Lexus GS Hybrid

AutoTrader NZ
Published 3 September 2020

After driving the Lexus RX400h last year I know you can have your automotive cake and eat it too. You can have eco-friendly tech without the hair shirt; you can have tyre-smoking performance without paying the fuel penalty. The 450h offers the same body, the same engine and  the same luxury as the RX330, but with a 0-100km/h time that’s half a second quicker. And after a couple of weeks of driving over mountain passes, round town and on motorways the car had achieved 8.7 litre/100km fuel. That’s more than the Lexus’ claim of 8.1 overall, but substantially less than the 12.3 overall claim for the standard petrol version of the luxury SUV.

So what? So a Lexus hybrid has gone on sale in NZ. No, it’s not a 4WD – it’s another variant of the excellent GS sedan. We’re told the tech needed to seamlessly integrate hybrid into a rear-drive car was interesting – though why it should be any more interesting than seamlessly integrating two electric motors and all-wheel drive into the RX wasn’t clear. But let’s forget cynicism for a moment – this is a very clever bit of kit. The 3.5-litre 60-degree V6 petrol engine is based on the GS300 unit, but bored out to 3456cc. The dual VVTi variable valve timing system uses both port and direct injection – singly or combined, depending on driving conditions. Direct injection operates at idle or at high speeds, with low-speed or low-torque conditions employing both to optimise the fuel/air mix.  This petrol unit alone puts out 218kW at 6400rpm and 368Nm at 4800rpm. Then there’s the electric engine. Mostly it’s similar to Prius, with a planetary gear unit, an inverter and a hybrid battery – but here there’s also a two-stage reduction mechanism which alters its operation according to driving conditions. By doing that it offers the best of the urge all the way from start-up to top speed.  But first, electric motor one starts the petrol engine, and doubles as a generator to charge the battery. Electric motor two drives the wheels – adding 147kW at 5615 to 13000rpm, and 275Nm anywhere from zero to 3840rpm.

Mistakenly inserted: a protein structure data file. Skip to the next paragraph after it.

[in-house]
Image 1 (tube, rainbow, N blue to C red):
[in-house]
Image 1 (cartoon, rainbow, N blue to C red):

Given that electric motors make the best of their torque at the low end of the range they usually run out of breath as speeds rise. But at about 3000 or so rpm the two-stage reduction planetary gear unit drops the gearing to offer the GS a second wind, so to speak. The urge on offer goes to the rear wheels via a CVT gearbox, so in theory the driver doesn’t have to change gear. But it’s a Hybrid Sequential Shiftmatic. Tap the conventional gear lever to hold the revs – thus increasing engine braking and, therefore, power regeneration.  You can use it to accelerate harder, but given the efficiency of CVT there’s no point – except to increase engine braking on long downhills.

All that tech making you nervous? You can forget about it and just drive. The hybrid’s fancy cooling system won’t need touching for 10 years; hell, the battery’s guaranteed for eight, and is expected to last 12 years or so. At which point it doesn’t cause landfill problems – for Lexus will pay to get the batteries to head office, and thence to France for recycling. Payback for all that nuclear waste France ships to the Pacific, perhaps?